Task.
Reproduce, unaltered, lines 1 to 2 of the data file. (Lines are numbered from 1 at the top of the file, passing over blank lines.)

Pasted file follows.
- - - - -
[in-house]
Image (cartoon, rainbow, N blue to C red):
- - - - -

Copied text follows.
[in-house]
Image (cartoon, rainbow, N blue to C red):